guide this Synod as we reflect together on the ways in which our understanding
of Christ shapes our understanding of God’s mission and the ways in which our
understanding of God’s mission continues to reshape Christ’s Church.

Note: ecclesiola means “little churches” and diakonia means service in mission.

New Evangelisation: humility, respect and silence

This morning the Synod began to listen to the contributions of the Synod Fathers.  Each speaks for five minutes only on any aspect of the topic or agenda and each is allowed only one contribution during the main plenary sessions.

The contribution which spoke most powerfully to me this morning began with a question which the Bishop speaking had been asked by a young person: are the youth lost or has the Church lost us?  The Bishop went on to make an appeal for the Church to cultivate three qualities above all others which will create the conditions for the new evangelisation.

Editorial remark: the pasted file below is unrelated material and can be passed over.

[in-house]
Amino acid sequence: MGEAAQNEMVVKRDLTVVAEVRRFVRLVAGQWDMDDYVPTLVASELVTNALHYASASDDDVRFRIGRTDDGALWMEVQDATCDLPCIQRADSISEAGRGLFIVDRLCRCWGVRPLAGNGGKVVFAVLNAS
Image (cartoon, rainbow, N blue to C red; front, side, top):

The Church must learn humility and learn humility from Jesus Christ who came not to serve but to be served.  We must become a humble church not pre-occupied with itself.

Second, the Church must learn respect for every human person as Christ was a respecter of persons.

Third the Church must discover again the power of silence: that there are no easy solutions in the face of the great suffering in the world.

There were many other contributions but this is the one which I will reflect on most from today in the coming days.  It speaks of a Church which is learning to be Christ-like again: a church of the beatitudes.